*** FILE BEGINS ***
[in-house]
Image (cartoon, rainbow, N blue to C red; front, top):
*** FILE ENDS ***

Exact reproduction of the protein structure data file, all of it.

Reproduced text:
[in-house]
Image (cartoon, rainbow, N blue to C red; front, top):